Stranded Australians get 20 new repatriation flights after Emirates pulls out of Australia

The federal government will arrange for a further 20 international repatriation flights to bring stranded Australians home, following a decision by Emirates to suspend all flights to and from Sydney, Melbourne and Brisbane.

The announcement follows the national cabinet's decision to significantly reduce the cap on international arrivals via commercial flights by 50 per cent until mid-February, following concerns that the hotel quarantine system will be challenged by the more virulent British strain of the coronavirus.

Speaking to reporters on Saturday, Finance Minister Simon Birmingham said 446,000 Australians had been able to return home since March 2020 and the federal government had organised 90 flights to assist.

Simon Birmingham said the government will organise a further 20 repatriation flights. Credit:Alex Ellinghausen

Senator Birmingham acknowledged the border restrictions put in place early last year had made it difficult for many people and said the additional 20 flights over the next couple of months would help.

"These flights will fly from priority areas from around the world, making sure that the Department of Foreign Affairs and Trade off of their intelligence and knowledge of where Australians most need assistance, target those flights," he said.

The passengers will be in addition to the caps on commercial flight passengers.

The announcement comes after Emirates pulled out of Australia. Credit:Brook Mitchell

The additional arrivals will be directed to the Howard Springs quarantine facility in the Northern Territory, Canberra and Tasmania and would happen according to strict protocols to keep Australia safe.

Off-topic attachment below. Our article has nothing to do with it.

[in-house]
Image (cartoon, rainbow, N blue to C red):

The United Arab Emirates carrier was conducting daily flights between Dubai and Sydney and Melbourne and five flights a week to Brisbane, meaning the decision will wipe out 19 flights per week for Australians in Europe and the Middle East who have been waiting months to get home.

The airline only flies Airbus A380s and Boeing 777s – two of the largest modern planes in the industry.

Responding to the decision by Emirates to suspend flights to and from Sydney, Melbourne and Brisbane, Senator Birmingham said it was a commercial decision by the airline and the places under the arrivals cap would be available to other carriers.

Qatar Airways, Etihad Airways, Singapore Airlines and Japan Airlines are still running flights to Australia for people in Europe but the cap reduction has already led to some cancellations and delays.

Get our Coronavirus Update newsletter

Stay across the news you need to know related to the pandemic. Sent Monday and Thursday. Sign up here.

Most Viewed in National

Source: Read Full Article